Certain welfare benefits take into account the claimant’s income while others do not. The purpose of this article is to answer the question of whether or not someone of low income can claim benefits. If they can, we will discuss the benefits that can be claimed as well as review additional financial support that one can pursue if they are on a low income.

Can You Claim Benefits If You Are On A Low Income?

Yes, you can claim benefits if you are on a low income. These are termed means-tested benefits; that take your (and your partner’s) income and savings into account during a financial assessment which is conducted after you apply to claim benefits.

For instance, if you live in England and are on a low income, you can apply for Universal Credit. This is a welfare benefit that is replacing six benefits; which are known as legacy benefits. These include the following:

  • Child Tax Credit
  • Housing Benefit
  • Income Support
  • income-based Jobseeker’s Allowance (JSA)
  • income-related Employment and Support Allowance (ESA)
  • Working Tax Credit

Therefore, if you were earlier claiming any of these benefits, you will automatically be transferred to Universal Credit. On the other hand, if you are filing a fresh application, you will directly claim Universal Credit once your assessment for the benefits is completed and approved by the DWP.

What Benefits Can You Claim If You Are On A Low Income?

If you are on a low income you can claim Universal Credit; which is aimed at providing financial support to individuals who are either employed (or self-employed) but low on income, actively looking for a job or are unable to work. 

If you are on a low income and are responsible for a child (or children) younger than 16 years of age (or 20 years if they are in full-time education), you can claim Child Benefit. This will add to your National Insurance credits which can later on count towards your State Pension.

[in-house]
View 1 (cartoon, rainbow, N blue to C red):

If you claim State Pension and are on a low income, you can apply for Pension Credit. This benefit will help you with living expenses including housing costs.

In addition to this, you can avail of a Council Tax Reduction if you are on a low income or claim benefits. Depending on the below-listed eligibility criteria for CTR, you may be able to get a 100% discount on your annual council tax bill:

  • the area where you live since each council runs its scheme
  • your circumstances including income, number of children, benefits and residency status
  • your household income (this includes you and your partner) such as wages, savings and pensions
  • whether or not your children live with you
  • if you share your residence with other adults

If an individual is low on income and challenged with a disability or they are taking care of someone with a disability, the below-listed non-means tested benefits can be claimed in England:

  • Attendance Allowance
  • Constant Attendance Allowance
  • Disability Living Allowance for adults
  • Disability Living Allowance for children
  • Personal Independence Payment
  • Armed Forces Independence Payment
  • War Pension Mobility Supplement

You can use an independent benefits calculator to learn about which benefits you can claim, how to claim them and what changes to payments to expect if there is a change in your income.

How Can You Claim To Be On A Low Income?

Households in the UK are classified as being on low income if they live on less than 60 per cent of the median net disposable income earned. As per recent data gathered and analysed by the Department for Work and Pensions if a single person earns £31,285 before tax, they will be termed as being on a low income.

Two things are to be understood here:

  • This pre-tax income does not account for taxes and other deductions but includes all income-based benefits.